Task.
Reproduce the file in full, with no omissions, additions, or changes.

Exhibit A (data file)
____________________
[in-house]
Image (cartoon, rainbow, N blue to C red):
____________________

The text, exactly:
[in-house]
Image (cartoon, rainbow, N blue to C red):